Asado Coffee, Pickwick Place

A beautiful espresso in a classic white cup, served at Asado Coffee, Pickwick Place.Asado is a small coffee shop/roaster chain with three (soon to be four) branches in downtown Chicago. I’d already planned to visit Asado’s branch on Jackson Boulevard (Pickwick Place), a block from an old favourite of mine, Intelligentsia, when I was coincidentally introduced to Jeff Liberman, one of Asado’s co-owners. As a result, I got a behind the scenes tour, which you can read about in Brian’s Travel Spot.

Asado occupies its own private alley, Pickwick Place, a narrow dead-end on the north side of Jackson Boulevard. If that doesn’t sound very appealing, then think again, since it’s one of the best locations I’ve seen for a coffee shop (in good weather, at least!). Sheltered on both sides by tall buildings, all the seating (bar for a single chair) is outside in the alley, a beautiful, south-facing sun trap.

Asado roasts all its own coffee, each of its locations having its own bespoke analogue roaster. Due to space limitations, Pickwick Place is the exception to this rule. Despite this lack of space, it still manages a full espresso menu, pulled on a beautiful Kees van der Westen lever machine, plus individual hand-poured filter, supplemented with bulk-brew filter when it’s busy.

August 2016: I’ve just heard that the shop has changed hands and is now Pickwick Coffee.

September 2017: on my return to Chicago, I discovered that Pickwick Coffee is no more and that it is now a branch of Hero Coffee Roasters.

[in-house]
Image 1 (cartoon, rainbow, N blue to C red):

You can read more of my thoughts after the gallery.

  • The first sign you get of Asado on East Jackson Bouvelard is the quirky A-board...
  • And I do mean quirky.
  • The other side of the A-board.
  • Just in case you're not sure where you are...
  • A look down the alley...
  • ... and from the other direction.
  • It's always worth looking up... A long way up!
  • Another view of the alley, this time looking from Asado bcak towards Jackson Boulevard.
  • Again, it's worth looking up. Check out the lights strung across the alley.
  • A view of the alley, looking down from the balcony above the shop.
  • Back at ground level.
  • You can sit in the sun, or you can sit in the shade...
  • One of the tables in more detail.
  • I loved the brickwork of the arches.
  • Talking of brickwork, check out the brickwork at the back of the alley.
  • Again, it's always worth looking up.
  • Time to step inside.
  • A panoramic view from just inside the door. That's pretty much all there is to Asado...
  • ... except for this little nook to the right of the door.
  • Detail of the beautiful tiling on the counter, plus the soft drinks fridge.
  • The retail shelves on top of the counter.
  • Immediately to the left of the shelves is the filter rack...
  • ... and behind that, the EK-43, bulk brewer and hot water system for the filter coffee.
  • There's also cake, seen here perched in front of the espresso machine.
  • The cake, in more detail.
  • The interior is absolutely lovely. Here's some of the original brickwork at the back...
  • ... while here is an old electricity conduit in the wall, plus its modern counterpart.
  • The lights are just as gorgeous, especially these six which hang from the ceiling.
  • There are all sorts of lights though, including these spot lights at the back.
  • Pairs of lights...
  • Lights on their own...
  • Talking of which, this one is above the menu...
  • ... which is to the left as you come in.
  • The heart of the operation, the 3-group lever Kees van der Westen espresso machine.
  • Asado only uses lever machines, by the way.
  • Some of the Kees van der Westen's output: one of the best espressos I've had in a long time...